Boston University Law Professor Jay D. Wexler conducted a study of the relative funniness of U.S. Supreme Court Justices. His results were published in The Green Bag and reported in the New York Times.
Wexler’s methodology was to count and tabulate the insertions of “[Laughter]” in transcripts of oral arguments during the 2004 term, when argument transcripts began including the Justices’ names. The results include the conclusion that Justice Antonin Scalia is the Chief Comedian on the High Court, nineteen times funnier than Justice Ruth Bader Ginsburg. Scalia, the study showed, is good for at least one laugh per oral argument. On the other hand, Justice Clarence Thomas, who rarely speaks during oral arguments, received no laughs.
As the New York Times article pointed out, the baseline for laughter in the solemn Supreme Court is fairly low. It’s not likely the same comments would generate guffaws on Comedy Central.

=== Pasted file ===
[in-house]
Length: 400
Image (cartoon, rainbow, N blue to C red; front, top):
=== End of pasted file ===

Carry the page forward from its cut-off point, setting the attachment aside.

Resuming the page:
Here are some Supreme Court rib-ticklers quoted in the New York Times article:
[After a lightbulb exploded in the courtroom:]”It’s a trick they play on new chief justices all the time,” Chief Justice John G. Roberts Jr., who joined the court that month, said of the explosion.
“Happy Halloween,” Justice Scalia retorted.
And then, the kicker. “We’re even more in the dark now than before,” Chief Justice Roberts said.
On the other hand, in a January argument in a statute-of-limitations case, Justice Anthony M. Kennedy made an amusing observation about the absurdity of modern life.
“Recently I lost my luggage,” Justice Kennedy said. “I had to go to the lost and found at the airline, and the lady said has my plane landed yet.”
That’s gold. Let’s see a sitcom based on the madcap lives of U.S. Supreme Court Justices.
— Adam Liptak, So, Guy Walks Up to the Bar, and Scalia Says …, N.Y. Times, Dec. 31, 2005.